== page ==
The Channel Tunnel is celebrating its 30th anniversary, but the first work began in… 1876 – Ouest-France evening edition

Correspondence, Gautier DEMOUVEAUX.

If the Channel Tunnel celebrates its 30th anniversary on May 6, 2024, the project is much older. The first work even began in… 1876! A look back at a sea serpent that almost never saw the light of day.

Thirty years of history and travel. On May 6, 1994, the Channel Tunnel, linking France and England, was inaugurated by Queen Elizabeth II and President François Mitterrand, after less than seven years of work and the creation of an exceptional work of art. , made up of three parallel tunnels 50.5 kilometers long, including 37.9 km under the sea. This pharaonic project, which cost nearly 15 billion euros, is the result of more than a century of reflection, more than 130 aborted projects and political negotiations!

The first to put forward the idea of ​​a connection between Dover and Calais was the French geologist Nicolas Desmarets, who spoke to the Academy of Amiens in 1751 about the construction of a tunnel. A simple technical fantasy at first, the idea gained ground and it was at the dawn of the 19th century.e century that the first successful project saw the light of day, at a time when progress seemed to be able to respond to all technical constraints.

Read also: In the archives of Ouest-France: December 1, 1990, the Channel tunnel is pierced

Thus, in 1801, the mining engineer Albert Mathieu-Favier presented to Bonaparte, then First Consul, a project for a drilled underwater tunnel, composed of two superimposed galleries (illustration at the top of the article). The first, paved, must allow the circulation of mail coaches, the second serving to drain infiltration water. The engineer even plans to create, in the middle of the Channel, an artificial island allowing travelers to make a stopover.

On the English side too, we thought about it, and a project for a steel tube placed at the bottom of the sea saw the light of day a year later. But all these ideas were quickly abandoned with the start of the Napoleonic Wars.

Read also: Almost 30 years after its inauguration, the Channel Tunnel is thinking big

The birth of the railway

The industrial revolution, the appearance of the steam engine and the development of the railway will revive this idea of ​​an inter-Channel connection in the mid-19th century.e century. The train arrived at Dover in 1843 and at Calais five years later.

Once again, projects are flourishing again. The most successful is that of the French engineer André Thomé de Gamond. In 1855, he presented a project for a bored tunnel, made up of tubes 9 meters in diameter including a double railway track. Ventilation is provided by thirteen artificial islands, each accommodating an air well.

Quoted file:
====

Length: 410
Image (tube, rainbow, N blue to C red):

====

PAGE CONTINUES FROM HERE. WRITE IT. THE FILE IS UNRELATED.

Thomé de Gamond manages to convince Emperor Napoleon III and Queen Victoria, and the two sovereigns give their agreement in principle. Feasibility studies continued but were once again stopped short by the Franco-Prussian War of 1870.

In 1856, the French engineer Aimé Thomé de Gamond proposed a tunnel between Cape Gris-Nez and Eastwear-Point, with ventilation chimneys in the open sea. (Illustration: DR / Wikimedia)
Thomé de Gamond manages to convince Emperor Napoleon III and Queen Victoria, the two sovereigns give their agreement in principle. (Illustration: DR / Wikimedia)

First works in Sangatte

It was not until 1876 that the project was relaunched. A year earlier, the Northern Railway Company and the Rothschild Bank created the Undersea Tunnel Company between France and England. The new entity obtains a 99-year concession to dig and operate a railway tunnel.

Geological studies resumed and, on October 21, 1876, drilling of the first well began in the heart of the village of Sangatte, on the French side, in order to study the subsoil.

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In 1876, a first well was dug in the village of Sangatte to identify the nature of the subsoil. (Illustration: DR / Wikimedia)
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In 1878, work began on both sides of the Channel. (Illustration: DR / Wikimedia)
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The project fascinates the press, which regularly reports on the progress of the work. (Illustration: DR / Wikimedia)

Two years later, a second well was dug under the direction of engineer Ludovic Breton. 90 meters deep, this time it is located in open countryside, north of Cap Blanc-Nez, horizontal drilling beginning in 1881, at a rate of 400 meters per month. Across the Channel, work has also been launched, which gives hope for a junction within five years.

However, despite the costs already incurred and the start of the work, the construction sites were abruptly stopped in 1883, for economic but above all strategic reasons: the British general staff feared that such a work would facilitate the invasion of their island in the event of conflict with the mainland.

Read also: Behind the scenes of the Channel Tunnel